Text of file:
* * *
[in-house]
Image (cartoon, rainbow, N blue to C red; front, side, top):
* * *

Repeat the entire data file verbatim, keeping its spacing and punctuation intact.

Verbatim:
[in-house]
Image (cartoon, rainbow, N blue to C red; front, side, top):